Crossing the powerline right-of-way, we pass a small patch of blackberries that’s just appeared in the last three or four years. Back in the 1970s and early 80s, the brushier parts of the field had huge blackberry patches, and we picked and froze many dozens of quarts every year. Then we made the mistake of mowing them down, thinking that would help regenerate them, and they never came back — the white-tailed deer population had exploded, and they grazed out not only blackberries but our volunteer raspberries and currants, too. Now that two decades of good hunting have brought the deer herd down to a more reasonable size, we’re starting to see some of these things come back, though it varies from year to year. You’d think having abundant thorns would be enough to keep the grazers at bay, but that doesn’t seem to make much of a difference.

Rosa carolina rosehips

Pasture rose (Rosa carolina) is blessed with scimitar-like thorns, but that doesn’t stop the deer from loving it to death. This bush near the end of Butterfly Loop is one of only three or four that, for whatever reason, seem to have escaped the notice of our “mountain cattle” — at least for now.

Pasture rose is one of my favorite shrubs. I love its simple, un-showy pink flowers, which make me think of rocky seacoasts, for some reason, and in the winter few things are as picturesque as the leafless, arched branches of a pasture rose studded with red rosehips against the snow.

common milkweed with monarch 3

A monarch lands on the last common milkweed plant before the trail ends at the garage. By this time, I have perfected my butterfly stalking techniques, and manage to get some good, close shots. (I don’t have a telephoto, just a 10x zoom lens.) Having just spent some three and a half hours over two days looking at butterflies through a camera lens, I am struck anew by how much more gorgeous this species is than any of our other leptidoptera — barring, perhaps, the luna moth. “Monarch” is a very fitting name. And this seems a fitting way to end our ramble around Butterfly Loop.

See the whole set of photos on Flickr.

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As a coda, here’s a fun reader-reaction from Joan Ryan, who lives in the suburbs of St. Louis, Missouri. Light verse as it may be, she makes an important point, I think.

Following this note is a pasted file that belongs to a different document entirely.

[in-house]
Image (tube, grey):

Wild Things

I see these photos you have shot
Of wildlife forms that I have not,
Admiring their complexity
Experiencing perplexity
On how unfair it is that I
Must take a bus or car or fly
To spots where one can find such herbs.
Alas, they are not in our burbs.
Where uniformity is blessed
Untidy may lead to arrest.
But damping envy down is hard
When beauty grows in your front yard.

And yet, I do have to admit
If these grew here, I’d have a fit
And mow them down to proper height
In fear their seeds would soon take flight
And propagate my neighbor’s space.
I labor daily to erase
These flowers and I do succeed.
In branding each wildflower a weed,
I’ve won the battle, lost the war
And done something I should abhor.
Examining myself comes hard
When beauty grows in your front yard.

7 Comments


  1. The easy and wonderful thing to make with St John’s Wort is a macerated or infused oil: http://www.irisweaver.com/herbs/howto/stjohnswort.html
    I learned this from a herbalist in southern Spain and she used the sun method, of course. Applied topically, it’s the best anti-inflammatory I’ve ever encountered – fabulously effective for sore or irritated skin, grazes, bruising, strained muscles. The oil is almost blood red, but doesn’t stain the skin red.

    Reply

    1. I think you might have told me about this already but I’d forgotten. Thanks for the reminder! I have a hypericum in the garden and shall look into using it. And apparently it can be used as a dye (yellow and red) too!

      Reply

      1. Be sure, first, that it’s not a cultivar which won’t have the same properties.

        Reply

  2. Butterfly Loop meadow is gorgeous, Dave. What a treasure. And that is one stunning Monarch.

    Reply